The Internet Topic Exchange: “This

The Internet Topic Exchange: “This is the first public implementation of the Ridiculously Easy Group Forming concept. It’s a central server to host TrackBack-powered channels. It’s designed to let anyone effortlessly create a channel to archive pointers to information on a given topic.”

Digital Web Magazine – Features:

Digital Web Magazine – Features: User-Centered Design for Large Government Portals: “During a project for a Canadian provincial government, information architect Alex Wright ( completed a facet “mapping” exercise, which established content relationships and provided a solid basis for metadata definition. Common “facets” identified at the State of Minnesota and other e-government initiatives have been:
Audience: Children, Students, Teachers, Lawyers, Businesses, Voters, Health Care workers, Architects…
Department: Department of Health, Department of Transportation, Department of Finance…
Life Events: Having a Baby, Buying a Home, Getting Married, Getting Divorced, Paying Taxes…
– Forms: Tax Forms, Planning commission, Small Business…
Topic: (Hierarchy: Topic > Sub-topic) Business, Travel, Health, Environment, Government, Education…
Content Type: News Releases, Features, Transactional, FAQs…
Location: (Hierarchy: State > County > City)”

This is a goldmine. Dewey

This is a goldmine. Dewey Decimal Classification : Tips : Classification Tips : The Moon, the Sun, and the DDC: “Why are two seemingly similar books classed in two different places? In classifying two books by Jane Kelly, What’s inside the moon? and What’s inside the sun?, I noticed that LC put the former under 559.91 and the latter under 523.76. Why does one go in geology but the other in astronomy? Shouldn’t both be under either the 520s or the 550s? –
No. The Class-here note at 550 says to use the 550s for phenomena of celestial bodies directly comparable to earth; thus, the 559.91 is correct for the book about the moon. But because the sun is a star, not a planet, as the Earth is, it cannot be classed in the 550s. 523.76 is the correct number. (Also, geology is the study of the solid matter of a world. The sun does not have a solid interior.)”

Dewey Decimal Classification : Tips

Dewey Decimal Classification : Tips : Classification Tips : Photo Quality: Typical example of the limitatons of a non faceted classification system: “Where should a book of photographs of the homeless/poor in Kharkiv, Ukraine, be cataloged?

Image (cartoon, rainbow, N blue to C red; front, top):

The first question to ask when you are confronted with a book of photographs is: Is the focus of the work on the artistic value of the photography? In other words, does the work truly belong in the category of arts? If yes, the work belongs in 779 ; if no–if the focus of the work in this example is on the plight of the poor rather than the artistic qualities of the photographs–the work should be classed with the subject.” Using facets you could just classify under type > art > photography and under subject > people > homeless and under geography > Ukraine (you get the idea).

Hivelogic: “After several years of

Hivelogic: “After several years of creating and publishing software for the Internet community for release here on Hivelogic (and in a few other places), and after much deliberation, research, and development, you have finally decided that the time to launch your own small software company is – precisely – right now.” It feels like lots of people are starting companies the last year or so. Or maybe that’s my lack of historical perspective?

InformationWeek > Search Engines >

InformationWeek > Search Engines > City Ogles Google Impact > January 22, 2003: “For instance, the public would get no results when it entered the word “maps” when looking for directions to city facilities, and employees had little success with terms such as “GroupWise” (the Novell E-mail software used by city workers) and “E-Pay” (a tool that provides intranet access to direct-deposit check stubs). When the city asked Verity how to solve the problem, the vendor suggested an upgrade to its K2 knowledge-management suite, as well as a taxonomy engine.